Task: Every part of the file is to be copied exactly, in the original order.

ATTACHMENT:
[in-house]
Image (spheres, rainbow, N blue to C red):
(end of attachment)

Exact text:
[in-house]
Image (spheres, rainbow, N blue to C red):